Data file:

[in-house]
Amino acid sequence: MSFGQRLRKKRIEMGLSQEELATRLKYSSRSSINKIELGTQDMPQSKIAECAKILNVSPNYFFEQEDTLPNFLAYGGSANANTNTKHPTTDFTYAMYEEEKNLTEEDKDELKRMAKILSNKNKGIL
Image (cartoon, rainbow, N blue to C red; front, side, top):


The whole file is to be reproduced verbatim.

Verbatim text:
[in-house]
Amino acid sequence: MSFGQRLRKKRIEMGLSQEELATRLKYSSRSSINKIELGTQDMPQSKIAECAKILNVSPNYFFEQEDTLPNFLAYGGSANANTNTKHPTTDFTYAMYEEEKNLTEEDKDELKRMAKILSNKNKGIL
Image (cartoon, rainbow, N blue to C red; front, side, top):